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as in a race-course one may run from the judges to the far end of the track or the reverse. Now no doubt it is proper to start from the known. But ‘the known’ has two meanings—‘what is known to us,’ which is one thing, and ‘what is knowable in itself,’ which is another. Perhaps then for us1 at all events it proper to start from what is known to us. [6] This is why in order to be a competent student of the Right and Just, and in short of the topics of Politics in general, the pupil is bound to have been well-trained in his habits. [7] For the starting-point or first principle is the fact that a thing is so; if this be satisfactorily ascertained, there will be no need also to know the reason why it is so. And the man of good moral training knows first principles already, or can easily acquire them. As for the person who neither knows nor can learn, let him hear the words of Hesiod2: “ Best is the man who can himself advise;
He too is good who hearkens to the wise;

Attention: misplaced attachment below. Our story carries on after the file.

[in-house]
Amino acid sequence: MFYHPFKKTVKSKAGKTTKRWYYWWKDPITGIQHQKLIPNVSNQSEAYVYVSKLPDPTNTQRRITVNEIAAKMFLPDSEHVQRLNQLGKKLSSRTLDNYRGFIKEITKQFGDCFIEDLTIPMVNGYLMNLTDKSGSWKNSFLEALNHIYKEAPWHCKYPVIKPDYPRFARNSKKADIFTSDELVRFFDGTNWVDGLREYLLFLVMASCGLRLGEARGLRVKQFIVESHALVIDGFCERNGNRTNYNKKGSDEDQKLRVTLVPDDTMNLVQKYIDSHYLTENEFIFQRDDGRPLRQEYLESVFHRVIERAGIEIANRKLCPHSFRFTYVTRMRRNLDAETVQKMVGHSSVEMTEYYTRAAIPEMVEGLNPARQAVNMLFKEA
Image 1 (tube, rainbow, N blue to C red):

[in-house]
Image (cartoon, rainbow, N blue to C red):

But who, himself being witless, will not heed
Another's wisdom, is a fool indeed.


But let us continue from the point3 where we digressed. To judge from men's lives, the more or less reasoned conceptions of the Good or Happiness that seem to prevail are the following. On the one hand the generality of men and the most vulgar identify the Good with pleasure, [2] and accordingly are content with the Life of Enjoyment—for there are three specially prominent Lives,4 the one just mentioned, the Life of Politics, and thirdly, the Life of Contemplation. [3] The generality of mankind then

1 In contrast apparently with the school of Plato.

2 Hes. WD 293 ff.

3 a 30.

4 The doctrine of the three Lives goes back to Pythagoras, who compared the three kinds of men to the three classes of strangers who went to the Games, traders, competitors, and spectators (Iamblichus, Vit. Pythag. 58). This apologue brings out the metaphor underlying the phrase θεωρητικὸς βίος, lit. ‘the life of the spectator’ ( Burnet).

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